Q&A with Matt Malone, the state secretary of education

Matt Malone
Matt Malone

Since Governor Deval Patrick appointed Matt Malone as secretary of the Executive Office of Education in January 2013, the former Brockton superintendent has spent three days a week on the road. At recent count, he had visited 270 of the state’s elementary and secondary schools, and nearly all of its higher education campuses. His Cabinet-level position oversees programs from preschool through college.

Q. Why do you spend so much time visiting schools?

A. We believe the real work is in the field. You can’t govern or have any sort of policy insight unless you know the real deal, so we’ve got to be out talking to folks. The real people — teachers, students, administrators, parents, business leaders, service providers, camp counselors — are where the rubber meets the road. We’re out doing as many visits as we can possibly do, learning a lot and bringing back those experiences and helping us shape policy.

Q. What is some of the feedback?

A. The pace of reform has been a little overbearing for people in the field, with testing, accountability, the new educator evaluation system, and new frameworks. We’ve been able to push back the new science standards. We’re not going to touch those for two years. It’s just too much for people in the field right now. We pushed back the assessment system for a year to allow us to have more time to try things on and get better feedback. That’s an example of good policy shaped by the feedback we received.

Q. What have you learned from your visits?


A. I’m learning that the best school systems are the ones taking the frameworks and making them their own. One of the things we’re doing is trying to learn about all these best practices and then replicate them across the Commonwealth in other schools, but encouraging local variation.

Q. What are some examples?

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A. Needham High School is an example of a place that has really pushed the envelope with its Greater Boston Project. Instead of four classes of English, math, science and social studies, they have one class blending all the standards together. They work to solve a real-world social justice problem in Greater Boston. That’s the future of what a senior year should look like. That’s preparing kids for college and the real world.

Q. Where do you see technology headed in the public schools?

A. The goal is to get to a place eventually where instead of giving textbooks to kids, every kid gets a device. That would be, to me, the coolest thing we could possibly do in the next 10 years.But that’s going to take a lot of investment.

Q. What are some of the biggest challenges?

A. I’m seeing how challenging our rural and gateway cities have it. We need to look at addressing the needs of second-language learners, kids that come from poverty, and kids that have experienced trauma. How do we ensure that they have access to high-quality programming, rigorous instruction, and caring, wrap-around support services?

Q. What do you say to students you meet?

A. You’ve got to read every night. That’s one of my big messages out visiting the schools. Pick stuff you’re interested in. But I also want them reading the classics. Pick some of the books that our parents read.

Q. Where do you see assessments heading?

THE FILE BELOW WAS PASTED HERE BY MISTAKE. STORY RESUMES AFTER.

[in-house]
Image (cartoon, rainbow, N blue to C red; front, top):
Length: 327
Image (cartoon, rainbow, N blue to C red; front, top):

A. I think we assess too much and I’ve not been shy to say that. Our summative assessment system seems to be assessment gone wild. We assess at every single grade. Maybe we should be a little more human and revisit that. I’m not anti-assessment, but to me, I’m a big believer in learning and teaching and we should have assessments to measure where we are, but assessments aren’t everything. What should drive everything is a really good curriculum framework, and I’m a big believer in the Common Core.

Q. Do you support a new test like PARCC to replace MCAS?

A. We likely should have a new assessment. Whether it’s PARCC or something else, we need something that assesses skills, because MCAS doesn’t determine college readiness. We have kids that do great on the MCAS and they go to college and they sit in developmental ed in non-credit-bearing classes. That is a giant waste of time, money, and effort. We need to do a better job of getting kids prepared for college. And we’ve got to develop an assessment that does that.

Q. What are you doing to raise awareness about the state’s higher education system?

A. My goal is to keep all these kids in Massachusetts. We have a campaign called “Go Public,’’ and it’s to get all the best and brightest in Massachusetts to pick our state colleges and universities first. We’ve got to get them out there to see how awesome they are. These are high-performing, innovative, fun campuses that are vibrant and lively.

Q. What can the state do to make college more affordable?

A. The best thing we can do is continue to work on freezing tuition and fees. We can reduce the cost on young people by increasing the state share of public education. We’ve done a good job in the last couple of years for UMass but not as well at the state colleges.

Q. What’s your advice for high school students feeling pressure about getting into college?

A. We put way too much pressure on kids with 13 AP classes, 15 clubs, and doing all kind of community service projects. My advice is to slow it down, take a step back, and take a deep breath. Do really well in one or two AP classes, pick one sport and do it well. Be in one club but go deep. Just do well. If you do well enough, there’s a college for you. It doesn’t matter where you go, it’s what you do when you get there.

Jennifer Fenn Lefferts can be reached at jflefferts@ yahoo.com.